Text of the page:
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Distributed for Black Rose Books

Common Futures

Social Transformation and Political Ecology

Distributed for Black Rose Books

Common Futures

Social Transformation and Political Ecology

What does the future hold? Is the desertification of the planet, driven by state and corporate authority, the final horizon of history? Is the dystopian future implied by the systemic degradation of nature and society inescapable? From marginal activist groups to governments and interstate organizations, all appear to be concerned with what the future of our shared world will look like. Yet even amid the ongoing global crisis caused by capitalism, the potential of a different, radically rooted future has also appeared.
Common Futures explores the global emergence of twenty-first-century social movements, opposed to capitalism and state authority. These movements, Yavor Tarinski and Alexandros Schismenos show, transcend traditional political forms of organization and try to form autonomous networks premised on direct democracy and solidarity. The authors identify the importance of grassroots movements, which can bring radical change and create a more democratic and ecological future.

Common Futures examines the social and political roots of the environmental crisis and the relationship between ecology and direct democracy. But Tarinski and Schismenos go beyond the analysis of crises, contemporary struggles, and social movements: Common Futures also clarifies the conditions for the re-creation of free public time and space and point to practical steps that we can take to alleviate the problems of our future.

200 pages | 5 x 7

Political Science: Urban Politics

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"This is a timely book that seeks to break our present asunder, opening up the possible future of direct democracy and political ecology. Drawing force and inspiration from recent social movements which enact and agitate for a world beyond nationalism and alienated representation, the authors flesh out the political projects of direct self-institution, radical political ecology and social self-limitation, which promise to break with the 'eternal present' of (non-) representative democracy, nation-states and the unsustainable economics of growth. This is a future of life, freedom and real democracy that we can create together, equally, collectively and rhizomatically from the grassroots, in order to overcome the present dead-ends of elite rule, consumerism, ecological devastation and global injustice."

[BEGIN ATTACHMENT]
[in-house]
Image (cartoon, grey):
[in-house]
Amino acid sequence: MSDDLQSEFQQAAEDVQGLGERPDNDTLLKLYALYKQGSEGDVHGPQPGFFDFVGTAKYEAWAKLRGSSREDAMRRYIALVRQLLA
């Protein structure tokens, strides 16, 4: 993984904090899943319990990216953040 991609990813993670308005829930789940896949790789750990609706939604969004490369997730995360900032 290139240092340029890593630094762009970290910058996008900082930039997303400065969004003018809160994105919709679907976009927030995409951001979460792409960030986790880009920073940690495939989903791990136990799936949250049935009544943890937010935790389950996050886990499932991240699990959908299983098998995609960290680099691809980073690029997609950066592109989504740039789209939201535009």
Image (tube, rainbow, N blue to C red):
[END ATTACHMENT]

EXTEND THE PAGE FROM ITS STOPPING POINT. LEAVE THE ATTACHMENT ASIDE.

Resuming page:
Alexandros Kioupkiolis, author of 'Common and Counter-Hegemonic Politics'

"Tarinksi and Schismenos capture our unnervingly discordant experience of time. We are, on one level, stuck in the déjà vu of capitalism, where the presents just repeats itself and nothing changes, in fact nothing is allowed to change, despite surface appearances. But on another level we are hurtling blindly towards global ecological catastrophe, fearing a future that approaches with frightening speed. To change this ‘futureless present’, something else is needed, something that is not enmeshed in the same mind-set that it seeks to transcend."

Mat Little, author The Disobedient Society

"The authors argue forcefully that direct democracy and social ecology are intrinsically connected as they both involve collective self-determination and self-limitation. Confronting the environmental disaster and projecting energetically common futures requires the coordinated action of social movements. Mobilizing many voices of radical thought and events of rebellious practice of the last two centuries, Tarinksi and Schismenos outline a timely autonomist political ecology. Its readers will be challenged and inspired."

Vassilis Lambropoulos, author of The Rise of Eurocentrism

"How do we replace the figure of  homo economicus and his cut-throat world with that of the steward, caretaker to the living? Common Futures makes the compelling case that Cornelius Catstoriadis' notion of 'self-limitation'—at the heart of his thinking about ecology, democracy, and the necessary relation between the two--is where we begin."

Kristin Ross, author of Communal Luxury

Table of Contents

• Prologue – Preface - Introduction
Chapter 1 (by Yavor Tarinski): Political Ecology and Social Change
• Introduction
• Roots of the Contemporary Crisis
• Domination and Oppression
• The Fallacy of Economic Growth
• The Overpopulation Myth
• Ecology Beyond Narrow Technoscience
• Interconnectedness of Ecology and Democracy
• Theoretical Outlines
• Democratic Traits of the Early Cities
• Towards Democratic and Ecological Cities
• Political Ecology in Practice
Chapter 2 (by Yavor Tariski): Theoretical Outlines of Direct Democracy
• Democracy as a Regime of Self-Limitation
• Forms of Social Limitation
• Democracy and Self-Limitation
• On the Contamination of the Revolutionary Project
• Self- Limitation and Education
• Ecology, Degrowth and Self-Limitation
• Conclusion
• Political Parties: An Obstacle to Democracy
• Ideology and the Saturation of Time and Space
Chapter 3 (by Alexandros Schismenos): The temporality of social movements
• What is to be done? Lenin’s question
• The question before us 
• Lessons from the past: The legacy of May ’68.
• Lessons from experience: The brief summer of the anti-globalization movement.
• The 2007-07 Greek student movement
• Rural movements towards social ecology
• The rebellious event of December 2008
• The Occupy movement in Greece
• The rise of the xenophobic Right
• The Yellow Vests against capitalist temporality.
• Modern technology and digital movements.
Chapter 4 (by Alexandros Schismenos): Conceptual Challenges
• The paradoxes of nationalistic discourse.
• Representative oligarchy and democracy.
• The temporality of autonomy.

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